Oh, how I remember my father perched on the bouncing seat of his small yellow Oliver OC-3 caterpillar tractor, pushing and pulling levers as he cleared the first of our Alaskan mountainside homestead fields closest to our canvas Jamesway hut.  Never idling, the motor varied in tone, pushing and heaving, shoving ahead of its flat blade living growth with earth attached that turned and churned and rolled into long heaping lines of windrows along the edges and down the center of the newly bared fields.

I played joyfully, climbing on them as they grew, exploring caves hollowed under tree trunks and branches and tangles of roots holding the earth together in gigantic clump bridges over my head.  I found winding hallways, rooms and chambers I could crawl around in, sometimes sit in, and sometimes stand in, inside earth herself.

So sticky sweet the rich dark smell of that damp earth!  It consumed me, entering the pores of my skin, becoming a part of my blood, my flesh and my bones.  I tasted it.  I breathed in the scent of that pure earth and exhaled it out again.  I grew as I tasted it, not a taste from outside of me, but an inner taste as if my own insides had those same hallowed hollow spaces dripping with this black living earthy smell.

Before these days I had never experienced the rapture of a mother’s kind embrace.  Now I was as a newly born infant again.  I had no resistance to the ecstasy of this welcoming earth being offered to me.  As I played there was no past or future; only a continuing blissful present filled with sensual exploration and dirty delights.  Not a giddy joy with a beginning, middle or end.  No, this was eternal.  I was given and I received a permanent sense of rightful belonging.  Not transitory.  Not anything that could be removed from me by distance in time or space or that could evaporate or wash off or out of me.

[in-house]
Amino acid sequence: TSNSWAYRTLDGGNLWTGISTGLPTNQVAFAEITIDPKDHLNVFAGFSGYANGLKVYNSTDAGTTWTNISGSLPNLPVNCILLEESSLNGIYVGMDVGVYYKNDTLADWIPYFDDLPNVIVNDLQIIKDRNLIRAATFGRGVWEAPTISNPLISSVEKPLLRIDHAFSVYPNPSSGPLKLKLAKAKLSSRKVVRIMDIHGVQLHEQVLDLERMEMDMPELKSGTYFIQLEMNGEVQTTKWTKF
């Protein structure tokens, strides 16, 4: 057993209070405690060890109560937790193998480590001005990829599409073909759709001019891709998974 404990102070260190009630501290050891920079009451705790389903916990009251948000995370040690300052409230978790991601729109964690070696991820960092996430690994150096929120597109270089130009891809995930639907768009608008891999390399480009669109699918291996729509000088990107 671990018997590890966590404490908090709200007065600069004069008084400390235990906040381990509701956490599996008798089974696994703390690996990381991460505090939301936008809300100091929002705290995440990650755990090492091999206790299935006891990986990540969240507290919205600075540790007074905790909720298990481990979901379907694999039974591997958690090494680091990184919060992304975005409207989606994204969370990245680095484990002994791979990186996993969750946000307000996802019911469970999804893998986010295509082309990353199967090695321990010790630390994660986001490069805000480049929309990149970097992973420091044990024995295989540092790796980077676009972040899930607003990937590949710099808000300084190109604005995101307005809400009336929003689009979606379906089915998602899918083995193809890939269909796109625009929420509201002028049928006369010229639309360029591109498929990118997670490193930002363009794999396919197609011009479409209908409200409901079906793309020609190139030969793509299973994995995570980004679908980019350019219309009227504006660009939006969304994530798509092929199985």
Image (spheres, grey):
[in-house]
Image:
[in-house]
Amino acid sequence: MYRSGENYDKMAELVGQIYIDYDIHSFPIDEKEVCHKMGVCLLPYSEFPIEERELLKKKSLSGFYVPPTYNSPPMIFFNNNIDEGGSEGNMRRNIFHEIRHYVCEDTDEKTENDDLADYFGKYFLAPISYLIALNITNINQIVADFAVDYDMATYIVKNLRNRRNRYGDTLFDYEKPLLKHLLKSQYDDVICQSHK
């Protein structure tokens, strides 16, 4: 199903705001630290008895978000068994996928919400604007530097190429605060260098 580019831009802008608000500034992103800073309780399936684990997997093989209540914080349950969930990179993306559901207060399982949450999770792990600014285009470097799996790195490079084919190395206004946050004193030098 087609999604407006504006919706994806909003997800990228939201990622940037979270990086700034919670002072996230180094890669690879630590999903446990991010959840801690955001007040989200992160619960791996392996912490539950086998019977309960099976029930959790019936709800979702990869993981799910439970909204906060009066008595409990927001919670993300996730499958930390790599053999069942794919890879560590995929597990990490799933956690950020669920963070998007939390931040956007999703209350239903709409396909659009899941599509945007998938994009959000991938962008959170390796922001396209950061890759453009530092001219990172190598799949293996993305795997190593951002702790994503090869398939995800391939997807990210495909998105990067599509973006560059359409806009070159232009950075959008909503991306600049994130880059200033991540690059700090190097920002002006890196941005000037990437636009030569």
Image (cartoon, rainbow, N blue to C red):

Although of course I had no words to use back then in thoughts about this.  To me I smelled, tasted, touched and was touched by the essential source of life and love.  Over fifty years later I can feel the effects of this pure joy.  Climbing inside those freshly sculpted windrows changed me forever and healed me like few ever get to – or need to be.

Could a child, who was loved and happy before such an opportunity for transformation took place, ever feel that sustaining power of earth and respond to it as I did?  Could a child never as lost as I was ever feel so found?  I was being born in my play during those days when I was seven.  I was old enough to remember.  This vast goodness has never let me go and will not until the day my body returns again to that sweet, sweet smell of earth.

Sad at seven - the mountain healed me in ways that did not show


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